Information is the lifeblood of political accountability. Without reliable, timely information, citizens are unable to evaluate and constructively engage with what their government is doing. If such information is absent, willfully denied, physically inaccessible, or not available in a format that is understandable to users, public accountability is undermined (ANSA-EAP, 2017).
Citizens’ right to information is recognized in international human-rights standards and treaties, including the African Charter on Human and Peoples’ Rights African Freedom of Information Centre, 2014). Even so, some observers argue that access-to-information laws are being used to clamp down on the free flow of information instead of creating a conducive environment for citizens to access public information (African Freedom of Information Centre, 2017) In Zimbabwe, the Access to Information and Protection of Privacy Act (AIPPA) is often criticized for limiting access to information.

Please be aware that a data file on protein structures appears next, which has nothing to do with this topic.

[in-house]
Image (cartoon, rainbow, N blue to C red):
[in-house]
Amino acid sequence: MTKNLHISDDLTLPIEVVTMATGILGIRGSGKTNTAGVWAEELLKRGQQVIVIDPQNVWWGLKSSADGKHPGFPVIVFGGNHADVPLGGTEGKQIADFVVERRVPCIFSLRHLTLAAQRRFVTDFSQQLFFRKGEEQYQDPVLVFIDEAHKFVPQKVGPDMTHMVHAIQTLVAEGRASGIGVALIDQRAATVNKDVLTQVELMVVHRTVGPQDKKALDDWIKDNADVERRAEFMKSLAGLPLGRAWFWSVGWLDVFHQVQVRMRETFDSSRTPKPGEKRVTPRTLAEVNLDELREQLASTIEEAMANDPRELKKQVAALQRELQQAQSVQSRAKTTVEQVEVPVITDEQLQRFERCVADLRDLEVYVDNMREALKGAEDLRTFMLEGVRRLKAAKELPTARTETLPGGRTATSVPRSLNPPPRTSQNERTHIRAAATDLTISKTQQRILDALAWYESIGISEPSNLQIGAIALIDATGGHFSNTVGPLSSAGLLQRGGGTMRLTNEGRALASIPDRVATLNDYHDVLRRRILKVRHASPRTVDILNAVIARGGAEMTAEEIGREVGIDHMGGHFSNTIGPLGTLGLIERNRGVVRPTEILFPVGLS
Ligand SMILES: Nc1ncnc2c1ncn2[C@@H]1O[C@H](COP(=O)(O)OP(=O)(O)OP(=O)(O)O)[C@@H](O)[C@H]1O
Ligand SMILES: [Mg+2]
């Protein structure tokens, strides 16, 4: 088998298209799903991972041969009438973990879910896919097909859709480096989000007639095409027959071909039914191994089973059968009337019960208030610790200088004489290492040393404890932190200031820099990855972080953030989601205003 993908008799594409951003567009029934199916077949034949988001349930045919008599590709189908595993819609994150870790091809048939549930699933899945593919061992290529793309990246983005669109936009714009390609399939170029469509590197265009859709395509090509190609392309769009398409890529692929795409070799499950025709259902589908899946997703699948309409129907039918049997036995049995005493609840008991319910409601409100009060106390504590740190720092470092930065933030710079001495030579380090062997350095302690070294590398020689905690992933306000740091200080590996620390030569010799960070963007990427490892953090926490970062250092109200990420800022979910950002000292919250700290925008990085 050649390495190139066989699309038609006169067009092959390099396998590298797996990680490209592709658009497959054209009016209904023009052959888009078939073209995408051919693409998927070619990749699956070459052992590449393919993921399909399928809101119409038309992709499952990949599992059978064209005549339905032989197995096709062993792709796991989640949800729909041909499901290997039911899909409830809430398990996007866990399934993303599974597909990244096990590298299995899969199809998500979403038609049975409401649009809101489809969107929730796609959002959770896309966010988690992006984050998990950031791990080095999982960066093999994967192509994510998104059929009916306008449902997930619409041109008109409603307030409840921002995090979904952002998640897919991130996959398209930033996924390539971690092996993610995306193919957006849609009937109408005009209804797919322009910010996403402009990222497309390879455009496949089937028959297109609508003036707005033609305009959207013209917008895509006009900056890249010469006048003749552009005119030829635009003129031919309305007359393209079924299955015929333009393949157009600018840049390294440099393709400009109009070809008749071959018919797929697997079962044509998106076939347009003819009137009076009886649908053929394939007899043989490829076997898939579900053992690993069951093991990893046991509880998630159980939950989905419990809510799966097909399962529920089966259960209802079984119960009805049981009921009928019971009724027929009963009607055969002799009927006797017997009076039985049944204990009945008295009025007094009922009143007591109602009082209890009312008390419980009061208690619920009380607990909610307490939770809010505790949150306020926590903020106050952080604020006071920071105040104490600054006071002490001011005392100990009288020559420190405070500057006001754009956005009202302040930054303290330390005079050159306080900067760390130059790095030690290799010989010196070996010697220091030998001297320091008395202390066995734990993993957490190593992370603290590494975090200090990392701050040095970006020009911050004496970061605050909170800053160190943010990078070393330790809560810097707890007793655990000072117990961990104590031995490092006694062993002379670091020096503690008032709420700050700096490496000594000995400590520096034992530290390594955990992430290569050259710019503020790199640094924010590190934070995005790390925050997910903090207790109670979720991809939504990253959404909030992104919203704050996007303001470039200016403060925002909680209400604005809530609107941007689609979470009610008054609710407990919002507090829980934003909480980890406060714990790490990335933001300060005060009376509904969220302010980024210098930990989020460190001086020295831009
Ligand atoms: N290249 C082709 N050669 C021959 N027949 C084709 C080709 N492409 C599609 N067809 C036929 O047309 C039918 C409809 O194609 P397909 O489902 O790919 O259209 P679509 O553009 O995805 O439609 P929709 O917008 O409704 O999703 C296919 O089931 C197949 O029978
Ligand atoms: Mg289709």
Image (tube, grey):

Afrobarometer’s 2017 survey finds that a majority of Zimbabweans endorse the idea that information held by public authorities is not just for use by the government but should be shared with the public. However, it also finds widespread skepticism about whether citizens can actually access such information at local levels, such as school budgets and district development plans.